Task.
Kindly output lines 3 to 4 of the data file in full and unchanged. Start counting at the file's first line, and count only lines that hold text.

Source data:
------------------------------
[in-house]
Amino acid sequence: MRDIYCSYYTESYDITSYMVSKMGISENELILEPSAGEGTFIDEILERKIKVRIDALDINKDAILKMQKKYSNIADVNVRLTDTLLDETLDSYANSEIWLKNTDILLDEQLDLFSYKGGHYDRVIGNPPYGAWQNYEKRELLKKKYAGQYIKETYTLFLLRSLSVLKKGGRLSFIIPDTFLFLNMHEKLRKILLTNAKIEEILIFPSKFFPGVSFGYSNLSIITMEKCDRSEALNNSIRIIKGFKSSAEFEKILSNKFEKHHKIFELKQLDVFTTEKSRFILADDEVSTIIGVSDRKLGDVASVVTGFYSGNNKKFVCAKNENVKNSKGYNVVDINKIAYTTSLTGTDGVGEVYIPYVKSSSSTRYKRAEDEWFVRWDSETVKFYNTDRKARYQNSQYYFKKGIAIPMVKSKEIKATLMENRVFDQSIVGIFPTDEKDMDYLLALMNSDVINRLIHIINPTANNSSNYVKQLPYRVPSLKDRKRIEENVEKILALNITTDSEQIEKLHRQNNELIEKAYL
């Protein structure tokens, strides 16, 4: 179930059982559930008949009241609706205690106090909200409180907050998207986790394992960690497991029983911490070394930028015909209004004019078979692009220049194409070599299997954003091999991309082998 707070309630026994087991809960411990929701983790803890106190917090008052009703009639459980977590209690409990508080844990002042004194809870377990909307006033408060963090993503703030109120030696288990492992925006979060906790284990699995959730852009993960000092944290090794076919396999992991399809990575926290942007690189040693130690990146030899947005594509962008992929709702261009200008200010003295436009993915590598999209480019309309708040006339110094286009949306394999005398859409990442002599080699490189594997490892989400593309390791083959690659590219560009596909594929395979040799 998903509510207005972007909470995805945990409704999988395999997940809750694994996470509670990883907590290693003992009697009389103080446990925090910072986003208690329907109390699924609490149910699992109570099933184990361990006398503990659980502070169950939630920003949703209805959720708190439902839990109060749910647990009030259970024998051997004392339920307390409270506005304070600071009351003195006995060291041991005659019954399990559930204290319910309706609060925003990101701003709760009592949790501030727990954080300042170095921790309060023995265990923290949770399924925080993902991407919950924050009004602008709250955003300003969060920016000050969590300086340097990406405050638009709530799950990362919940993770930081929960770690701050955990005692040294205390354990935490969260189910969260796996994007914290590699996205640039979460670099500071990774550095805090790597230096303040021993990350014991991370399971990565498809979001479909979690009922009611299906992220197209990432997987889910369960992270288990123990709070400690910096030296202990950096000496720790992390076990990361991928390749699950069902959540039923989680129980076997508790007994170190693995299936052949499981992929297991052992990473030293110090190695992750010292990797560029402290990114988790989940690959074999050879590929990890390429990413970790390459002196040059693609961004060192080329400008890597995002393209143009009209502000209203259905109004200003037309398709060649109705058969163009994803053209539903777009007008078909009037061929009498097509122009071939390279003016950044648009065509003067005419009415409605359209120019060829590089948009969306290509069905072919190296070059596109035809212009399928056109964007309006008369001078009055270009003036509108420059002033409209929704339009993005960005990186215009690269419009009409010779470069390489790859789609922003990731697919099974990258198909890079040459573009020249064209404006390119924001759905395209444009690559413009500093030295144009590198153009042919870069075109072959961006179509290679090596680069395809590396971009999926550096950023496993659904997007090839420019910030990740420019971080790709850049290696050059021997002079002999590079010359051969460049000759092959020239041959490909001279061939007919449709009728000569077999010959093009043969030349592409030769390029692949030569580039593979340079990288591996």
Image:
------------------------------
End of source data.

């Protein structure tokens, strides 16, 4: 179930059982559930008949009241609706205690106090909200409180907050998207986790394992960690497991029983911490070394930028015909209004004019078979692009220049194409070599299997954003091999991309082998 707070309630026994087991809960411990929701983790803890106190917090008052009703009639459980977590209690409990508080844990002042004194809870377990909307006033408060963090993503703030109120030696288990492992925006979060906790284990699995959730852009993960000092944290090794076919396999992991399809990575926290942007690189040693130690990146030899947005594509962008992929709702261009200008200010003295436009993915590598999209480019309309708040006339110094286009949306394999005398859409990442002599080699490189594997490892989400593309390791083959690659590219560009596909594929395979040799 998903509510207005972007909470995805945990409704999988395999997940809750694994996470509670990883907590290693003992009697009389103080446990925090910072986003208690329907109390699924609490149910699992109570099933184990361990006398503990659980502070169950939630920003949703209805959720708190439902839990109060749910647990009030259970024998051997004392339920307390409270506005304070600071009351003195006995060291041991005659019954399990559930204290319910309706609060925003990101701003709760009592949790501030727990954080300042170095921790309060023995265990923290949770399924925080993902991407919950924050009004602008709250955003300003969060920016000050969590300086340097990406405050638009709530799950990362919940993770930081929960770690701050955990005692040294205390354990935490969260189910969260796996994007914290590699996205640039979460670099500071990774550095805090790597230096303040021993990350014991991370399971990565498809979001479909979690009922009611299906992220197209990432997987889910369960992270288990123990709070400690910096030296202990950096000496720790992390076990990361991928390749699950069902959540039923989680129980076997508790007994170190693995299936052949499981992929297991052992990473030293110090190695992750010292990797560029402290990114988790989940690959074999050879590929990890390429990413970790390459002196040059693609961004060192080329400008890597995002393209143009009209502000209203259905109004200003037309398709060649109705058969163009994803053209539903777009007008078909009037061929009498097509122009071939390279003016950044648009065509003067005419009415409605359209120019060829590089948009969306290509069905072919190296070059596109035809212009399928056109964007309006008369001078009055270009003036509108420059002033409209929704339009993005960005990186215009690269419009009409010779470069390489790859789609922003990731697919099974990258198909890079040459573009020249064209404006390119924001759905395209444009690559413009500093030295144009590198153009042919870069075109072959961006179509290679090596680069395809590396971009999926550096950023496993659904997007090839420019910030990740420019971080790709850049290696050059021997002079002999590079010359051969460049000759092959020239041959490909001279061939007919449709009728000569077999010959093009043969030349592409030769390029692949030569580039593979340079990288591996």
Image: